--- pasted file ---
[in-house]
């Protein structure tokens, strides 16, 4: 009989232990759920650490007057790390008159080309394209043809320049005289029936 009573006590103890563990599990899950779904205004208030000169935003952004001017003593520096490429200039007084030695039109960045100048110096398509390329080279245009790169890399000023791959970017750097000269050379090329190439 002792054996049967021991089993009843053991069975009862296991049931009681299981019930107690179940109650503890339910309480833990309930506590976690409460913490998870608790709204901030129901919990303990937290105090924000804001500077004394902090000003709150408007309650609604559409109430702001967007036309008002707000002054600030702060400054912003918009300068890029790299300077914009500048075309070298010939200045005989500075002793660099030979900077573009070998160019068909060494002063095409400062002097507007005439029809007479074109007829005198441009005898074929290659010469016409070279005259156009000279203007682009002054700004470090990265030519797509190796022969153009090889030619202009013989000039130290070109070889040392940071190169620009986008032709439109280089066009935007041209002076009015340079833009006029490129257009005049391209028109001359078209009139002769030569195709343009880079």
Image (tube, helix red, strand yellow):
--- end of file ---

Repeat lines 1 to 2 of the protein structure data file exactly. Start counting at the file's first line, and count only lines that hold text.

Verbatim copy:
[in-house]
């Protein structure tokens, strides 16, 4: 009989232990759920650490007057790390008159080309394209043809320049005289029936 009573006590103890563990599990899950779904205004208030000169935003952004001017003593520096490429200039007084030695039109960045100048110096398509390329080279245009790169890399000023791959970017750097000269050379090329190439 002792054996049967021991089993009843053991069975009862296991049931009681299981019930107690179940109650503890339910309480833990309930506590976690409460913490998870608790709204901030129901919990303990937290105090924000804001500077004394902090000003709150408007309650609604559409109430702001967007036309008002707000002054600030702060400054912003918009300068890029790299300077914009500048075309070298010939200045005989500075002793660099030979900077573009070998160019068909060494002063095409400062002097507007005439029809007479074109007829005198441009005898074929290659010469016409070279005259156009000279203007682009002054700004470090990265030519797509190796022969153009090889030619202009013989000039130290070109070889040392940071190169620009986008032709439109280089066009935007041209002076009015340079833009006029490129257009005049391209028109001359078209009139002769030569195709343009880079």